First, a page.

Criminals have made off with over $10 billion in ‘DeFi’ scams and thefts this year

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  • According to a report by Elliptic, DeFi exploits have caused a total loss of $12 billion in 2021 so far.
  • Of that amount, $10.5 billion was from fraud and theft – a sevenfold increase from the previous year.
  • DeFi, or decentralized finance, products aim to replicate traditional financial services using blockchain.

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LONDON — Investors have lost billions of dollars this year thanks to criminals targeting so-called “decentralized finance” platforms.

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More than $10 billion worth of user funds have been stolen in cases of fraud and theft on DeFi products, according to a report by London-based firm Elliptic, which aims to replicate traditional financial services using blockchain technology.

DeFi is often referred to as the “Wild West” of cryptocurrencies. Such services often promise huge returns to the users, but there is no involvement of middlemen like banks. High-interest rate savings and lending products are a common sight in this sector.

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But, as expected from a young industry like crypto, the DeFi platform is not regulated. This is something regulators have tried to catch in the midst of recent major hacks and scams.

The total losses due to DeFi exploits have totaled $12 billion so far in 2021, according to Elliptic, a firm that tracks the movement of funds on the digital ledger underpinning cryptocurrencies.

Of that amount, $10.5 billion was from fraud and theft – a sevenfold increase from the previous year.

“The DeFi ecosystem is an incredibly exciting and fast-moving space, with innovation in financial services happening at a light pace,” said Tom Robinson, Elliptic Chief Scientist.

“It’s attracting huge amounts of capital to projects that aren’t always robust or well tested. Criminal actors see an opportunity to take advantage of this.”

Over the past two years, the total amount deposited into DeFi services has grown from just $500 million to $247 billion.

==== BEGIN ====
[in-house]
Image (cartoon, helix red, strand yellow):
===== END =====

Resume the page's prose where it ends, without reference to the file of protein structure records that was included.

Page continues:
This comes as the price of bitcoin and other cryptocurrencies have soared this year. Ethereum, the network behind the world’s second largest digital coin, is considered the backbone of many DeFi applications.

But as the size of the market grew, so did the level of illegal activities. Earlier this year, DeFi platform Poly Network lost more than $600 million in the biggest cryptocurrency theft of the time.

In a bizarre turn of events, the entire funds were later recovered by hackers who claimed they exploited the Pauli network to uncover flaws in their systems.

There have also been several so-called “rag pulls”, where scammers convince investors to buy their tokens and then withdraw funds after raising a certain amount.


Regulators are concerned about the rapid growth of DeFi.

The Securities and Exchange Commission is seeking information from Uniswap Labs, the start-up behind the decentralized crypto exchange of the same name, about how investors use the platform and the way it is marketed.

A Uniswap Labs spokesperson said the firm is committed to complying with the law and assisting regulators with their inquiries.

The problem, say experts, is that DeFi services often present themselves as decentralized, when this is not always the case.

The Financial Action Task Force, a global anti-money laundering watchdog, recently issued revised guidance on cryptocurrencies, calling on countries to identify individuals with “control or substantial influence” on DeFi programs.


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